At what point teaching knowledge to others becomes a bad idea?

29 replies
Problem solved, thanks!
#bad #idea #knowledge #point #teaching
  • Profile picture of the author StexM
    Banned
    Very interesting topic!

    You have to analyze your business and see if what you going to do can create competition or collaboration.

    Example.

    Your job is to sell consulting / coaching (sell your knowledge).

    In your coaching, teach others how to sell their own coaching program.

    This creates competition.

    What if instead you teach how to sell YOUR coaching?

    This would create cooperation.

    No matter if someone will do the same, that sells its own coaching.

    Then you probably have 100 to 200 people who will stand by opromotinf on the Web YOUR coaching!

    Think about it!
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  • Profile picture of the author HN
    Banned
    The only solutions I see are not teaching at all, teaching and keeping "the secret sauce" for yourself or teaching all the knowledge after you already jumped into a new niche.

    You can teach either when you have abandoned the method or when teaching and competition has no effect on your business.

    Eg. I don't see how it can hurt me if I teach how to trade stocks. It's unlikely that other traders will buy all the shares of companies that I am interested in and I won't get a chance to invest. And since I trade CFD's I don't even buy real shares.
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    • Profile picture of the author discrat
      Originally Posted by HN View Post

      [B]

      Eg. I don't see how it can hurt me if I teach how to trade stocks. It's unlikely that other traders will buy all the shares of companies that I am interested in and I won't get a chance to invest. And since I trade CFD's I don't even buy real shares.
      As a trader myself ,in this context you mention the OP concerns are NOT really applicable.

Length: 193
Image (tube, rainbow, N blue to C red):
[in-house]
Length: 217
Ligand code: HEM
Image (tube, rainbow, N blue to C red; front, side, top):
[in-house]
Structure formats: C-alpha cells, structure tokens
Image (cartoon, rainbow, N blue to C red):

What would be more applicable is that if you taught other Traders how to teach other Traders how to Trade
      ( via E-books, Video Courses, Seminars,Coaching)

      Thats where the competition could hurt you in this realm of IM


      - Robert Andrew
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      • Profile picture of the author Steve B
        Helping and teaching others is always a good idea.

        But that doesn't mean that you have to teach exactly what you're doing in your own business.

        There will generally always be competition in the marketplace. That is a good thing! That is what the free enterprise system is based upon.

        What is critical is how you position your own business. If you create a business based upon unique and creative ideas and content, no one is going to duplicate what you have.

        Rising to the top of the competition is what profitable business does.

        Steve
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      • Profile picture of the author myob
        Teaching really is an extremely powerful marketing strategy for demonstrating one's expertise and establishing credibility. However, the open "secret" is not to divulge the full details. For example, teach others the steps to barbecue a steak to perfection, and recommend products along the way, but never disclose your secret sauce.
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    • Profile picture of the author Tom Addams
      This:
      Originally Posted by HN View Post

      You can teach either when you have abandoned the method or when teaching and competition has no effect on your business.
      And I unfortunately have to disagree with kilgore. Not this:
      Originally Posted by kilgore View Post

      Your question presupposes what I consider to be one of most prevalent myths about online business: that there are "secret" methods or techniques and that these secrets must be guarded.

      But the fact is that all the best marketing techniques are out there for you to see -- you just have too look for them. In fact, you're probably already seeing them, but you're probably just not noticing them.
      Ernest Hemingway penned The Old Man and the Sea and it was subsequently published and made available to the world and a short while later, in 1952, it earned him a Pulitzer. If even an experienced novelist, let alone a new novelist, were to read The Old Man and the Sea, would it instantly enable she or he to write a Pulitzer-caliber novel as well? I think not. Want to know why? The knowledge that often creates something is only apparent when you understand that knowledge yourself.

      Therefore, HN is absolutely accurate in his or her assessment.